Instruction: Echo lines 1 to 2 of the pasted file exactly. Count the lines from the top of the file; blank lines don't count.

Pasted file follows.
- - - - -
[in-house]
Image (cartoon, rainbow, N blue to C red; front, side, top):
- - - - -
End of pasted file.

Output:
[in-house]
Image (cartoon, rainbow, N blue to C red; front, side, top):